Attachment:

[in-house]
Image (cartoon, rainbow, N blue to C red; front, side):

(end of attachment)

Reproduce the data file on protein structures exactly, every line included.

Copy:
[in-house]
Image (cartoon, rainbow, N blue to C red; front, side):